Category Archives: Magazines

Britney’s retouched photos: just part of the advertising game?

It doesn’t take a marketing professional to tell you that the hamburger in the advertisement doesn’t look exactly like the hamburger you’re going to get at the restaurant. It isn’t as big, colorful or juicy. And the woman’s hair in the shampoo commercial? She had a lot of stuff done to her hair to make it look that shiny.

This isn’t false advertising; this is “puffery,” and it’s perfectly legal. In order to make a product stand out among competition, it must be presented in the best possible light. This doesn’t mean claiming that a product does something it doesn’t really do. That’s lying. Some puffery is a necessary part of advertising.

The Huffington Post published an article on April 13, Britney Spears Reveals Unretouched Candies Ads. Look at the two before and after photos of Britney that they feature: Is this puffery? Or is this lying?

It’s puffery. It’s legal. And it’s irresponsible. Striving for unrealistic perfection in a hamburger isn’t the same as striving for unrealistic perfection of a human body.

I’ll never forget this: When I was a grad student in New York, getting an M.S. in publishing, we took a class trip to a major magazine publisher. We visited the offices of a men’s magazine and met a graphic designer who was working on the cover for the magazine’s first-ever woman of the year. She appears on the cover topless (of course).

The designer showed us the before cover and the cover he was altering. Elbow wrinkles, stomach wrinkles…all gone. The celebrity was smoothed out.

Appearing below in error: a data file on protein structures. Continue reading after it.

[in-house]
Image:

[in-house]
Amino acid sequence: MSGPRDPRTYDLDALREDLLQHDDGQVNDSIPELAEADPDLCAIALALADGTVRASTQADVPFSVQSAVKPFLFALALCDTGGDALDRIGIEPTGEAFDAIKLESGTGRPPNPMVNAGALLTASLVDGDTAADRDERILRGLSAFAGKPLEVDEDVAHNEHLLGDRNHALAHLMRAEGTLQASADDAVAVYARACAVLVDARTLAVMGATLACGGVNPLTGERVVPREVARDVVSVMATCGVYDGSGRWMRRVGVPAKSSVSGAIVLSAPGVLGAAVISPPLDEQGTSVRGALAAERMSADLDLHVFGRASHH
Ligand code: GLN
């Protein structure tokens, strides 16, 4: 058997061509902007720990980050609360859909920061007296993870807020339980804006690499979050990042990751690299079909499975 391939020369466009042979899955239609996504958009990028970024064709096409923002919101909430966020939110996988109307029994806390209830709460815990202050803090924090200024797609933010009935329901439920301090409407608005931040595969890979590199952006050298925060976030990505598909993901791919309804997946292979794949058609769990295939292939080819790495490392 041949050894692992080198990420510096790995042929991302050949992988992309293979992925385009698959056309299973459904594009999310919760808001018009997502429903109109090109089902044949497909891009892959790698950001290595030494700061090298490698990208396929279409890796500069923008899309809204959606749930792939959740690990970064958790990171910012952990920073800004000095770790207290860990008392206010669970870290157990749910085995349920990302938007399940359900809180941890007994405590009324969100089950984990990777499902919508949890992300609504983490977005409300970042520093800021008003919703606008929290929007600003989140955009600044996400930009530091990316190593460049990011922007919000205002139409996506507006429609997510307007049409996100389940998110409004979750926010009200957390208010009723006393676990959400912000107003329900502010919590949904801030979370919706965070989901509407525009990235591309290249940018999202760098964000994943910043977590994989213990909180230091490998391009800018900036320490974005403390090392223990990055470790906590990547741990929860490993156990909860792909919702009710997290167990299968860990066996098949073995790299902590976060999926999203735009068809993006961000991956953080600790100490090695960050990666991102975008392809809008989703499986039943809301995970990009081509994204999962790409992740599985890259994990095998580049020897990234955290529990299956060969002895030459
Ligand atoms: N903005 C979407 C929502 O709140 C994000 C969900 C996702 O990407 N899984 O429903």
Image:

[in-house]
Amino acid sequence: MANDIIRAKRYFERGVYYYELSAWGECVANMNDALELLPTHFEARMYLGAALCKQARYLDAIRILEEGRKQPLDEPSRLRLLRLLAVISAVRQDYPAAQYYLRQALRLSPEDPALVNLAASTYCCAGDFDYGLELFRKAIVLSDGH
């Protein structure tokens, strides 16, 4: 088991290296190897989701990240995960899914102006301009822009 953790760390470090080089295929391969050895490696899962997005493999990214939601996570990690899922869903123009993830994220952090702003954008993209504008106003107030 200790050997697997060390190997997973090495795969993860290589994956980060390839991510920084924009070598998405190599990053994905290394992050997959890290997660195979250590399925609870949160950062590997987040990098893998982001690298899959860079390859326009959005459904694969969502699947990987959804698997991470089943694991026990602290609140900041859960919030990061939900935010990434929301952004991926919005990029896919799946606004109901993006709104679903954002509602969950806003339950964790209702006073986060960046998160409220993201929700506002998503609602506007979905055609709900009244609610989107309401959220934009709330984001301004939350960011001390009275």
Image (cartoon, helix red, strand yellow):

As is Britney in these ads. A commenter on the Huffington Post piece mentioned this, and it’s the first thing I noticed, too: Look how strong and muscular and sexy her calves are in the before pictures. In the after pictures, they’ve been smoothed out and elongated. What’s this obsession with smoothing out everyone?

The first thing we marketers need to do before even considering an advertising campaign is to know our audience. Let’s figure out what audience these Britney photos are for:

This advertising campaign with Britney is for Candies. Candies’ brand encompasses clothing, shoes, jewelry and accessories geared toward “juniors” and “girls.” How do we know this? The Candies line is sold at one department store exclusively; go to that department store’s Web site, and Candies is found under “juniors” and “girls.” I’d say “girls” range in age 7 to 12, and “juniors” are teenagers.

Part of knowing your audience is understanding its basic demographics; another part is understanding and discovering basic psychological stages of the target group. From the age of at least seven through at least the next 10 years, the female brain is going through a lot. We’re trying to break free, we’re trying to love, we’re trying to find ourselves, we’re trying to conform and we’re trying on different personalities until we find the right one. It’s a freak show inside our heads as our hormone levels increase, and we absorb everything, and we take it all very personally.

Bingo. We. Absorb. Everything.

In second grade, my teacher asked us to write down our New Year’s resolutions. I lost mine, apparently, but didn’t realize it. My teacher found it lying on the floor, and I hadn’t put my name on it, so in order to figure out whose it was, she read the resolutions out loud. One of my resolutions was to lose weight. I was mortified. I remember not saying anything, too embarrassed to raise my hand and claim my resolutions.

I was 7. Do we really think these self-image problems have dissipated? That we’ve become such a developed nation, with our advanced technologies and enlightenment, that we’ve solved all these problems?